So this is it. The youngest child left home today for college. New England. Ivy League. How delighted we are. What good fortune for him.

The youngest child breakfasted with his father, who intermixed his own words of advice with liberal misquotes from Polonius and a passing reference to Lord Chesterfield. He was driven to the plane by his mother in the early afternoon.

On the drive to the airport, the youngest child emanated confidence. What did he think would be going on during freshman week? "Oh, the usual," he said with a sigh. "You go to a lot of meetings and people tell you why you should join crew or the orchestra or gay liberation -- things like that. You eat a lot of fried chicken and try to meet some women."

When the freshman's older brother and sister entered college just a few years ago, both were escorted to the campus by their parents. Their possessions were loaded in the station wagon, and after the long drive, toted up to the dormitory room. The parents scrutinized the roommate and greeted the roommate's parents. They debated the best location for the desk, then ran off to the college store to buy the student an additional lamp. They treated the student to a satisfying dinner at a recommended local restaurant before departing.

But the youngest child went off alone. A friend planning to drive that way the following week had offered to deliver the typewriter, the turntable, a trunk with winter clothes, a few boxes of books, records and tapes, and the bicycle. The freshman announced that, since his parents were familiar with the university and since it was a difficult time for them to get away, it made no sense to even consider driving up. With three children in college, he said with a wise smile, his parents had better not take time off from work. Of course he wouldn't feel neglected. He would not feel unloved. You must be joking!

The youngest child took with him to the airport a backpack stuffed with clothes, a sleeping bag and a worn, wedge-shaped read-in-bed bolster, which he could not be without, he alleged, and which he would simply carry in his lap or stuff under the seat. He left for college looking battered. One thumb was splinted because of a fracture incurred in an unlikely gardening mishap a week earlier. One side of his face was swollen and discolored because an impacted wisdom tooth had suddenly become inflamed and had required extraction. Neither trauma caused the youngest child much anxiety. He was toughened in infancy by being tossed around by a jealous 3-year-old brother.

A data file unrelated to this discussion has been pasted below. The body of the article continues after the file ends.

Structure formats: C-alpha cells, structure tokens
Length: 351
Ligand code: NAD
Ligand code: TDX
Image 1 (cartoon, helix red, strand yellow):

Walking toward the gate, the freshman turned solicitously toward his mother, whose voice en route to the airport had suddenly become alarmingly quavery. "Think about how tidy the house will be," he said. "Think about how much time you'll have for your work. And there won't be anyone taking your car or bringing a crowd home to munch up everything in the fridge. Now you can really be an emancipated woman."

At the security gate he turned and smiled asymmetrically, offering the unswollen cheek. He was reminded to hold onto his address book, which was half pushed into the back pocket of his jeans. He was reminded to keep taking the penicillin prescribed by the oral surgeon. He was asked if his thumb hurt. He was urged to write frequent detailed letters and not to forget his grandparents either. He tossed the corduroy-covered bolster on the scanner belt and walked quickly through the metal-detecting arch. On the other side he turned back awkwardly.

"I think I'm really going to like it there," he said, retrieving the pillow and flinging it over his shoulder by one of its padded arms. A white fluff of stuffing rose in the air. He waved a debonair farewell with the splinted hand. "And you'll enjoy all that peace and quiet, wait and see," he called back. "Life will be so simple. You really ought to write that novel you were talking about. You'll love not having any kids around any more. I know you will."